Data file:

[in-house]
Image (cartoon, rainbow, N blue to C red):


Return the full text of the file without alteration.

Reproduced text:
[in-house]
Image (cartoon, rainbow, N blue to C red):